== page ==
A Mission District-based non-profit housing developer and its partner have won the rights to develop up to 89 units of affordable housing at the corner of 16th Street and South Van Ness Avenue, the city announced on Thursday.
The site’s developers, however, said the 89-unit count was a maximum and could be lowered if too much time or costs is added to the project by pursuing more units.
The Mission Housing Development Corporation and Bridge Housing were picked by officials at the Mayor’s Office of Housing and Community Development to build an eight-story complex at 490 South Van Ness Ave., a city-owned lot two blocks from the 16th Street BART Station.
The non-profit pair will build 24 percent more units than were permitted for the site after city officials requested that bidders maximize their unit count. The partnership at 490 South Van Ness will did so by removing a parking garage and adding one story to the building.
The project will be affordable to those making up to 60 percent of area median income, or $58,150 for a family of three. In line with city’s policy to prioritize homeless housing, 30 percent of the units will be reserved for formerly homeless families making up to 30 percent of area median income or $29,100 for a family of three.
The city’s neighborhood preference policy will ensure that 40 percent of the units go to residents of District 9 or those who live within a mile of the project.
“I’m really excited,” said Sam Moss, the executive director of Mission Housing. “I believe 16th and South Van Ness having 100 percent affordable family units will really activate that entire corner, and it’s something that I think that area has needed for a really long time.”
The 490 South Van Ness site was slated to become 72 units of market-rate housing but was purchased by the city last year for $18.5 million. Not including land acquisition, the total project cost is estimated to be $45 million, said Teresa Yanga, director of housing development at the Mayor’s Office of Housing.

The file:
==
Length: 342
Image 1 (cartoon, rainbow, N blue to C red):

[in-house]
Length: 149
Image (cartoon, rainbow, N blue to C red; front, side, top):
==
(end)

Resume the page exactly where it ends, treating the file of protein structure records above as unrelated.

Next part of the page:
Funding will come from a combination of city, state, and private sources, with some $10 million from San Francisco coffers, she said. That puts the city’s contribution at about $28.5 million.
As planned, it will rise to eight stories and break through the 68-foot height limit on the lot using the city’s density bonus for fully affordable housing projects. If the pursuit of the additional story is prohibitive in terms of cost and development time, Moss said it may be dropped.
The ground-floor space will be used by non-profits like Instituto Familiar de la Raza and Poder for programming, Moss said. In line with new affordable development in the city, and given its proximity to transit, it will have no parking on-site.
The area around the 16th Street BART Station is home to both low-income residents in single-room occupancy hotels and tenants in high-end condos. Two tech shuttle stops are on the same block as the project site, and homeless encampments line the streets just a couple blocks away.
New developments coming to the area promise to transform it in the next few years. A 380-unit market-rate project two blocks away that has for years been opposed by activists recently restarted, and a handful of smaller developments are planned for the northern part of Mission Street.
The area will also get most of the affordable housing units planned for the neighborhood. Three fully affordable housing projects will be built within a two-block radius of the project, bringing in over 500 below-market-rate units — 127 units at 2060 Folsom St., 140 units at 1990 Folsom St., and 157 units at 1950 Mission St.
Those are part of seven affordable projects that would bring some 750 below-market-rate units total to the Mission District in the next few years.
If all are approved, the area north of 16th Street will see at least six buildings rising to eight stories or more, four of them affordable.
The 490 South Van Ness project is the second project awarded to Mission Housing and its partners in the neighborhood in the last 15 months and the third city-wide. The organization won the rights to build the 1950 Mission site in 2015 and another 90 units in Balboa Park in October.
That comes after a decade of not building housing and is a boon for the non-profit developer, which manages 1,600 units in 38 buildings in San Francisco. It has competed with the Mission Economic Development Agency, a newcomer to affordable housing development, for other projects in the neighborhood, three of which MEDA has won.
Moss, for his part, was ebullient about the upcoming affordable housing projects planned for the neighborhood.
“We can start pointing to some hope for the residents of the Mission and the low-income working class tenants of this city that we are finally building a significant amount of units,” he said. “We’re working on some, MEDA’s building some. The whole Mission community is coming together.”